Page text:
Archives
PUBLISHED: 6:01 PM on Wednesday, June 4, 2008
Alaskan author Kantner captures life in the far north
MINNEAPOLIS, Minn. - When "Ordinary Wolves" debuted in 2004, critics were stunned by Seth Kantner's uncanny ability to describe a fictional Alaskan childhood largely untouched by outside forces, consumerism, and modernity. Now, in this collection of nonfiction and color photographs, fans can read the backstory of Kantner's childhood, and see a changing Alaska through his insider's eye.


Beginning with his parents' migration to the wilderness of Arctic Alaska and extending to contemporary struggles between subsistence living and sport hunting, "Shopping for Porcupine" provides an illuminating, unforgettable account of life in the far north. Memories of an imaginary source of childhood surfeit; a grown man's appreciation for his young daughter's unfettered understanding of language; enlightened meditations on the permanence, severity, and grandeur of nature; and finally, elegiac warnings and stirring calls to action-taken together, these essays provide a revealing portrait of the author of the bestselling novel Ordinary Wolves, and of the land he so deeply loves.


  Seth Kantner, author of the best seller "Ordinary Wolves" released his second book.
Through it all we hear the voice of a true artist. The prose slows and rifles, then leapfrogs and pauses the passage of time, in a landscape unlike any other. Moving, alarming, and utterly beautiful, this collection will further establish Seth Kantner as one of the most original writers in America today.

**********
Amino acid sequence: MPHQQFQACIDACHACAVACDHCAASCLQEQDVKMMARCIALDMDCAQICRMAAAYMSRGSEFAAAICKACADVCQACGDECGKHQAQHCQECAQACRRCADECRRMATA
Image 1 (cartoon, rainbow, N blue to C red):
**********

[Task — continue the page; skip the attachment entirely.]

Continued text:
About the author

Seth Kantner was born and raised in the wilderness of northern Alaska. He attended the University of Alaska and the University of Montana, where he received a BA in journalism.

He has worked as a trapper, fisherman, gardener, mechanic, igloo builder, and adjunct professor. His writing and photographs have appeared in Outside, Orion, The New York Times, Prairie Schooner, Alaska, Switch!, Reader's Digest, and other anthologies and publications.

He is a Milkweed National Fiction Prize winner, and a Whiting Award recipient. His novel Ordinary Wolves won the Pacific Northwest Booksellers Association Award.

He lives with his wife and daughter in Kotzebue, Alaska.


Loading...